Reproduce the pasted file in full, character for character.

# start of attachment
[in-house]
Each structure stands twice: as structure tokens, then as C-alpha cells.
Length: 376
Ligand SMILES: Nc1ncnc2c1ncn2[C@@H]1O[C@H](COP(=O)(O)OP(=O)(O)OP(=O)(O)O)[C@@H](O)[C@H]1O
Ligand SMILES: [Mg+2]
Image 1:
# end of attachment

[in-house]
Each structure stands twice: as structure tokens, then as C-alpha cells.
Length: 376
Ligand SMILES: Nc1ncnc2c1ncn2[C@@H]1O[C@H](COP(=O)(O)OP(=O)(O)OP(=O)(O)O)[C@@H](O)[C@H]1O
Ligand SMILES: [Mg+2]
Image 1: